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Sunday saw me translating a story by Munshi Premchand. It was a clumsy translation as always owing to my poor linguistic skills.

But I really enjoyed the story. "Kaushal" tells the story of a woman who yearns for a necklace but her husband cannot buy her one. Actually, if the husband takes upon himself to work some more he can easily make enough money to purchase the piece of jewellery. However, the husband is lazy and avoids work like plague. The wife pulls a fast one on the husband and gets her necklace (you will have to read that story to find out how she does it). I rolled on the floor laughing at how the woman outwitted her husband. "What a fellow to be taken in so easily!" I said to myself, "I shan't allow anyone to pull the wool over my eyes."

Still smirking at the man's foolishness, I decided to do some work (I can't remember when I had last taken such a noble decision). So, there I was with a broom in hand sweeping away the dry leaves in the courtyard.

A man on a scooter rode past. But, after riding a few metres, he halted, turned back, and came up to me.

"Hi, do you recognize me?" he asked.

I was absolutely certain I had not seen the man before. But I have a penchant for forgetting names and faces; "I must have met him before," I thought to myself trying hard to recall. The man was in his mid fifties. He had a graying beard, and appeared portly giving the impression he enjoyed his meals. The scooter was sleek and tidy. Overall, I felt it would be embarrassing to acknowledge that I did not recognize him.

However, after racking my brains and not finding any image of his residing in the recesses of my mind, I dumbly shook my head sideways to indicate I did not recognize him.

"I live here," he pointed his hand in some direction and even offered a name. The name did not strike any chord.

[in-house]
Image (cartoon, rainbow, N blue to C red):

"My wife has met with an accident, and I need some money," he said. Suddenly realization began to dawn on me but I could not be absolutely certain.

"I need 500 rupees immediately, and I will return the amount within a few hours," he said.

Although I did not recognize him I at once recognized his intentions. But there was a nagging doubt, "What if he is really telling the truth?"

That one per cent belief that he was telling the truth over-rode the 99 per cent conviction that he was a cheat, and I decided to give him the money. What if I was really acquainted with him? I might have forgotten his face.

So, I went inside to get the amount. It was not a big amount really and I could risk being cheated rather than have my conscience hurt me for days if I did not help him. The man followed me inside very confidently as if he was familiar with my house. I removed all the money in my trousers pocket - there were around 600 rupees. As I was counting out the 500 rupees, he just grabbed the entire amount including the small denomination notes. "Let me have the whole amount, I don't know how much I will need," he said. "I will be back within a few hours," he said and went out.

This, of course, removed even the one per cent conviction I had, and I was now absolutely certain he had pulled a fast one on me. But the man went about the task so confidently that the thought he must indeed be an acquaintance still persisted. I could easily have taken down the registration number of the man's scooter, but I was so carried away by his story and poise that this thought never occurred to me then.

So much for my resolve not to allow anyone to pull wool over my eyes. If the man in Munshi Premchand's story were to read this, it would be his turn to roll on the floor laughing!

Some useful links for
your career:

  • Union Public Service Commission - www.upsc.gov.in
  • IIT-Kharagpur - www.iitkgp.ac.in
  • Indian Statistical Institute - www.isical.ac.in
  • Indian Institute of Technology Madras - www.iitm.ac.in
  • Indian Institute of Management, Ahmedabad - www.iimahd.ernet.in
  • Indian Institute of Mass Commission - www.iimc.nic.in
  • IIT Bombay - www.iitb.ac.in
  • Indian School of Mines, Dhanbad - www.ismdhanbad.ac.in
  • Birla Institute of Technology, Ranchi - www.bitmesra.ac.in
  • Central Institute of Fisheries Nautical and Engineering Training - www.cifnet.nic.in
  • Indian Institute of Information Technology, Allahabad (Deemed University) - www.iiita.ac.in
  • Central Marine Fisheries Research Institute, Kochi - www.cmfri.com
  • Tata Institute of Social Sciences, Mumbai - www.tiss.edu